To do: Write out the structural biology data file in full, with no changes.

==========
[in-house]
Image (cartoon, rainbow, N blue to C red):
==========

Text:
[in-house]
Image (cartoon, rainbow, N blue to C red):